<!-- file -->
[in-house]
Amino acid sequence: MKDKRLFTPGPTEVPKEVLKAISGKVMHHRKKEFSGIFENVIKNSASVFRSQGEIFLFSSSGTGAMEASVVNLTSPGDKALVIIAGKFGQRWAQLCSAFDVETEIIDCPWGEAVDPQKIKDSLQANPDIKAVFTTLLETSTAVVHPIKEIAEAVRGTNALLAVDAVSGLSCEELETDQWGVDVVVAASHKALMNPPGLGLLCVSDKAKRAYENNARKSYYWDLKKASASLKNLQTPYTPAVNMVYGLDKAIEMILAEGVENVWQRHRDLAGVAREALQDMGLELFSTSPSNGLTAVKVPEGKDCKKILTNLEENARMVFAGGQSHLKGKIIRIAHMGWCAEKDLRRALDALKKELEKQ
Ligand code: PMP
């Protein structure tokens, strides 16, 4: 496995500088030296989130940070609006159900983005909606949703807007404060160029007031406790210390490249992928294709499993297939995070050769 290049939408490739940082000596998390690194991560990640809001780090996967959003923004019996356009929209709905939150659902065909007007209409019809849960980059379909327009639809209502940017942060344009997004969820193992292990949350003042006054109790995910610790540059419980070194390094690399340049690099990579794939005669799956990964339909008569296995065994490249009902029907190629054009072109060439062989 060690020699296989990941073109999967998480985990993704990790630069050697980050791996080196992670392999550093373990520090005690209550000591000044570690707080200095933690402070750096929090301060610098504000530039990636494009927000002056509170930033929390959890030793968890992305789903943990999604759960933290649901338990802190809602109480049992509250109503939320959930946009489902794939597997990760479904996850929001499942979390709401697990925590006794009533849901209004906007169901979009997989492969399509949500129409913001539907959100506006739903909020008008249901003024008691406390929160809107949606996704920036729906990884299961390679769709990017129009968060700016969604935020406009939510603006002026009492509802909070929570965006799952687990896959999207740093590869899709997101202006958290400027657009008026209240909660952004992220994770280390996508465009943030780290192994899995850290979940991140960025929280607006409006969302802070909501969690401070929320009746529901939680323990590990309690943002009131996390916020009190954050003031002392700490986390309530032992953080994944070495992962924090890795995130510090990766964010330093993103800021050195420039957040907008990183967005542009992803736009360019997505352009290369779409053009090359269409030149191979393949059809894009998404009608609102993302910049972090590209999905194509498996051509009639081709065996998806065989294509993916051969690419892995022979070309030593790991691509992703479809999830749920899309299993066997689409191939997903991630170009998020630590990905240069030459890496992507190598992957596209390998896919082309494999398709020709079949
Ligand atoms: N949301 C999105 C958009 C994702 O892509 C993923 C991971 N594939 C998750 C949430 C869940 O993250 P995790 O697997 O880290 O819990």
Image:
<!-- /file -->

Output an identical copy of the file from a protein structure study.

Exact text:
[in-house]
Amino acid sequence: MKDKRLFTPGPTEVPKEVLKAISGKVMHHRKKEFSGIFENVIKNSASVFRSQGEIFLFSSSGTGAMEASVVNLTSPGDKALVIIAGKFGQRWAQLCSAFDVETEIIDCPWGEAVDPQKIKDSLQANPDIKAVFTTLLETSTAVVHPIKEIAEAVRGTNALLAVDAVSGLSCEELETDQWGVDVVVAASHKALMNPPGLGLLCVSDKAKRAYENNARKSYYWDLKKASASLKNLQTPYTPAVNMVYGLDKAIEMILAEGVENVWQRHRDLAGVAREALQDMGLELFSTSPSNGLTAVKVPEGKDCKKILTNLEENARMVFAGGQSHLKGKIIRIAHMGWCAEKDLRRALDALKKELEKQ
Ligand code: PMP
């Protein structure tokens, strides 16, 4: 496995500088030296989130940070609006159900983005909606949703807007404060160029007031406790210390490249992928294709499993297939995070050769 290049939408490739940082000596998390690194991560990640809001780090996967959003923004019996356009929209709905939150659902065909007007209409019809849960980059379909327009639809209502940017942060344009997004969820193992292990949350003042006054109790995910610790540059419980070194390094690399340049690099990579794939005669799956990964339909008569296995065994490249009902029907190629054009072109060439062989 060690020699296989990941073109999967998480985990993704990790630069050697980050791996080196992670392999550093373990520090005690209550000591000044570690707080200095933690402070750096929090301060610098504000530039990636494009927000002056509170930033929390959890030793968890992305789903943990999604759960933290649901338990802190809602109480049992509250109503939320959930946009489902794939597997990760479904996850929001499942979390709401697990925590006794009533849901209004906007169901979009997989492969399509949500129409913001539907959100506006739903909020008008249901003024008691406390929160809107949606996704920036729906990884299961390679769709990017129009968060700016969604935020406009939510603006002026009492509802909070929570965006799952687990896959999207740093590869899709997101202006958290400027657009008026209240909660952004992220994770280390996508465009943030780290192994899995850290979940991140960025929280607006409006969302802070909501969690401070929320009746529901939680323990590990309690943002009131996390916020009190954050003031002392700490986390309530032992953080994944070495992962924090890795995130510090990766964010330093993103800021050195420039957040907008990183967005542009992803736009360019997505352009290369779409053009090359269409030149191979393949059809894009998404009608609102993302910049972090590209999905194509498996051509009639081709065996998806065989294509993916051969690419892995022979070309030593790991691509992703479809999830749920899309299993066997689409191939997903991630170009998020630590990905240069030459890496992507190598992957596209390998896919082309494999398709020709079949
Ligand atoms: N949301 C999105 C958009 C994702 O892509 C993923 C991971 N594939 C998750 C949430 C869940 O993250 P995790 O697997 O880290 O819990």
Image: